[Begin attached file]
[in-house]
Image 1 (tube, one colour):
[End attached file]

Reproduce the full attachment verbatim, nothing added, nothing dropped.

[in-house]
Image 1 (tube, one colour):